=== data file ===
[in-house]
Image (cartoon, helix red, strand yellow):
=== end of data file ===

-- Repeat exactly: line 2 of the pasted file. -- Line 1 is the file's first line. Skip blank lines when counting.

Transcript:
Image (cartoon, helix red, strand yellow):